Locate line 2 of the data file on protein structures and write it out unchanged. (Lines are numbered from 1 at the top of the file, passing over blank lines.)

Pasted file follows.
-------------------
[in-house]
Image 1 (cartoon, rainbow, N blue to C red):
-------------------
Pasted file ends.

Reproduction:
Image 1 (cartoon, rainbow, N blue to C red):